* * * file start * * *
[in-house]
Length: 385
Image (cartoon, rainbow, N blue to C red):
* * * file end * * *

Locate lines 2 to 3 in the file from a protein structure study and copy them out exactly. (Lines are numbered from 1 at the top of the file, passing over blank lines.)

Length: 385
Image (cartoon, rainbow, N blue to C red):